MOUNT VERNON — Reinvention is perhaps a better word than demolition to describe current goings on at the old PPG glassworks. As the 59-acre plant is integrated into what will be a transformed Ariel-Foundation Park, the bulk of activity is still demolition-oriented. But beneath the violent and dirty dismantling of a million square feet of steel and masonry lies a softer, cleaner vision.
There’s little obvious beauty in a century-old, obsolete manufacturing facility, but credit the Ariel-Foundation Park Conservancy for identifying its hidden assets. As massive walls and beams are felled, architectural elements deemed “interesting” by volunteer project administrator Ted Schnormeier are selectively spared. Several months into demolition, he periodically enjoys what he calls “free at last” moments as those elements are cut away from adjacent structures. It’s one thing for Schnormeier to say that a monolithic brick stairwell tower will add height and scale to a park setting. When the tower finally stands alone, his meaning comes into focus.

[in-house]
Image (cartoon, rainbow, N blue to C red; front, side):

Cavernous buildings used by PPG and later by PACS Industries for manufacturing and offices no longer connect one such tower with a large space that will become an open-sided events center. Huge mounds of rubble remain, and assorted metalwork and scars still disfigure the saved structures. But it no longer takes the eyes of a visionary to see what Schnormeier sees.
For the rest of the story
The rest of this article is available to Mount Vernon News subscribers. To continue reading, please log in or purchase a subscription. Click here for the October 1, 2013 e-edition. The article will only be available for thirty (30) days.
Contact Bill AmickEmail
Copyright 2009 The Associated Press. All rights reserved. This material may not be published, broadcast, rewritten or redistributed.